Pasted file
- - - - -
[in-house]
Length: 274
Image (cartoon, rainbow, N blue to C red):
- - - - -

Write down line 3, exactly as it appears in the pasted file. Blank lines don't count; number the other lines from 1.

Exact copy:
Image (cartoon, rainbow, N blue to C red):